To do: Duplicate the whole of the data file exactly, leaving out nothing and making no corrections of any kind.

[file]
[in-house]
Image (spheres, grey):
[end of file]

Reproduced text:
[in-house]
Image (spheres, grey):